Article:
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The Rules for Abortion and Causing Miscarriage

(Isqt-i-Haml and Isqt-i-Janin in the Pakistan Penal Code)

Until 1990, abortion in Pakistan was regulated by century-old provisions of the Penal Code of 1860 which had been developed for India by the British colonial government and remained in force in Pakistan following independence. Under this Code, abortion was a crime unless performed in good faith in order to save the pregnant womans life. Article 312 of the Penal Code provided that any person performing an illegal abortion was subject to imprisonment for three years and/or a fine; if the woman was quick with child, the penalty was imprisonment for up to seven years and payment of a fine. The same penalty applied to a woman who caused herself to miscarry.

Following a 1989 decision of the Pakistani Supreme Court, which held that part of the Penal Code of 1860 dealing with offences against the human body was invalid because it was repugnant to the injunctions of Islam, Pakistan revised its law in this area, reformulating a number of its provisions to conform to the principles of Islamic law. The revised law came into effect provisionally in 1990 and became permanent law in 1997. According to this law the issue of causing miscarriage/abortion in 338, 338A, 338B, and 338C. The two offences dealt with are isq aml and isq jann.

Imran Ahsan Khan Nyazee has discussed the issues of miscarriage and abortion according to Islamic law in light of the text of Hanafi jurists; he has described the distinction between the two offences and discussed different punishments provided by Shariah for the offenders In this article Imran Ahsan Khan Nyazee has translated the text of great Hanafi jurist Ab Bakr al-Ksn from the Book of jinyt in which he has described the different types of jinayats quite briefly he then discusses the Jinyah Against the Jann with the views of other jurists and an analysis of the various opinions to arrive at the rules for causing abortion and miscarriage. The meaning of the term jann, as well as other terms used by the jurist.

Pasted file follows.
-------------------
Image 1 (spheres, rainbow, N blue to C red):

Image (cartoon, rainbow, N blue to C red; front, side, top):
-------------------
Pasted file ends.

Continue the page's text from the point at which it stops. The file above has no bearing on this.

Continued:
As for jinyah against what is life in some respects and not in others, which Is the jann, it is like someone striking at the belly of the pregnant woman and she delivers the jann; this invokes legal rules. The general statement about this is that the jann may: (1) either be [a] free [person], where the female is a freewoman, or is a slave girl who has conceived her masters child, or has conceived from a person whom she married deceptively (posing as a freewoman); or it is a slave. Again, the woman may have delivered it dead or alive. If it is a freeperson and has been delivered dead, then there is liability for the ghurrah.